The government dropped the ball on oversight of the defense budget approved last month as well. As seen in the past, the military and defense establishment in Turkey was able to steer its way through budget deliberations without much scrutiny or transparency on military expenditures in the national budget. This year, the Ministry of Defense’s budget of TL 18.3 billion reflects a 7.4 percent increase from TL 17 billion last year and represents 4.8 percent of the overall budget. Ümit Cizre, who specializes in civilian-military relations, told Sunday’s Zaman that transparency in the national defense budget should have been the deputies’ first priority to discuss.

Those, like Cizre, who advocate strict civilian supervision of military affairs were also dismayed by reports that the draft version of a new regulation on procedures concerning audits of military spending prepared by the Court of Auditors was revised to strongly guard the military’s expenditures from being shared with the public after the court received threats from the military.

Retired military judge Ümit Kardaş criticizes the government for concessions given to the military on the oversight of military and defense expenditures. “The ruling party tries to manage relations with the military by negotiating deals on the fly. The opposition does not pay any attention to these matters. They talk about unrelated issues on the floor when the defense budget comes up for discussion,” he explained. Kardaş warned that to refrain from institutional change that would reflect the diminished role of the military is the biggest danger for the government. Noting that the Ministry of Defense is still weak under current laws, Kardaş said the autonomy of the General Staff still continues. “The General Staff should be attached to the Ministry of Defense rather than to the office of the prime minister,” he said.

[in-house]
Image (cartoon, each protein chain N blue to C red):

Political commentator İhsan Dağı argues that the AK Party cannot hide behind the excuse that it cannot control certain “reactionary” institutions within the state. “It is now in a position — and proud to be — where it can determine the structure and organization of all these institutions. Yet by ‘defending’ the state, the AK Party risks becoming a pro-status quo power and diminishing its democratic credentials” he said.

On major infrastructure projects, the government is making good on its promise to deliver. The government is working to increase the length of intra-city highways to 365,000 kilometers by building 5,275 kilometers of new roads and projects, such as an underwater commuter tunnel for İstanbul, a third bridge over the Bosporus and the completion of a project to build a new highway between İstanbul and İzmir. The exception to this, however, is what Erdoğan called a “crazy project” for İstanbul, which plans to establish two new cities on both sides of the city. No work has started yet on the project.

The AK Party also announced plans to increase the duration of compulsory education to 13 years and change the structure of the Higher Education Board (YÖK), which oversees institutions of higher education. The enrollment in pre-K schools remains way below the EU average, but reforms to YÖK have not yet been introduced.

Last but not least is the concern about media freedom in Turkey and possible changes to counterterrorism laws to give breathing room to journalists. The government had the draft law in its hands on the eve of the June 12 election last year but did not have the will or the time to push it through Parliament. Even though the AK Party won a third term in a landslide victory, there is still no sign that the government is picking up from where it left off and changing the laws accordingly so that journalists will have a much more open and free environment for their reporting.



Gönderen/sent by : Yavuz Baydar